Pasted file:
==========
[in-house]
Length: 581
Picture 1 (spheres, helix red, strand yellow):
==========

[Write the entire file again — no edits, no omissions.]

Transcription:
[in-house]
Length: 581
Picture 1 (spheres, helix red, strand yellow):